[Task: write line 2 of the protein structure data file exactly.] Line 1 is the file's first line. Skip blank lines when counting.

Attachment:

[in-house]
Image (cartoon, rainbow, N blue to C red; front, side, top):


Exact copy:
Image (cartoon, rainbow, N blue to C red; front, side, top):